There's still a lot that we don't know about the coronavirus, including the weight that should be given to positive antibody tests. Dr. Madaline stressed that people who test positive for antibodies should continue to wear masks, wash hands frequently, and social distance.
"It's not a passport for them to move around freely," she said.
Are masks effective against coronavirus?
Cloth face coverings help prevent an infected person from spreading the coronavirus to others by helping to keep respiratory droplets contained, the CDC says. It recommends that people older than the age of 2 wear face coverings in public "as a simple barrier."
Coverings like masks help prevent respiratory droplets from dispersing into the air when someone talks or raises their voice, or coughs or sneezes. They are "most likely" to reduce COVID-19's spread when people in public widely use them.
Dr. Anthony Fauci, the nation's top infectious disease official, told CBS News in a recent interview, "The best way to protect yourself and to prevent acquisition of and spread of infection is to avoid crowds. Avoid crowds. If in fact, for one reason or other, you feel compelled to do that, which we don't recommend, then wear a mask at all times."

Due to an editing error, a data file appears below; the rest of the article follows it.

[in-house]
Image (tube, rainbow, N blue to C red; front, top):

Surgeon General Jerome Adams urged Americans "Please, please, wear a face covering when you go out in public. It is not an inconvenience. It is not a suppression of your freedom. It actually is a vehicle to achieve our goals, it adds to your convenience and your freedom. … When you do not wear your face covering, we see higher spread and have to close places."
The CDC notes that COVID-19 can be spread by people who do not have symptoms and don't know that they are infected: "That's why it's important for everyone to wear cloth face coverings in public settings and practice social distancing (staying at least 6 feet away from other people)."
When will a coronavirus vaccine be available?
About a dozen different vaccines are in various stages of testing worldwide, including in Britain, China and the United States.
In December, Pfizer and Moderna became the first two companies to receive emergency use authorization from the FDA for their vaccines and begin distributing them in the U.S. The companies say clinical trials show their vaccines are safe and have an efficacy rate of about 95%.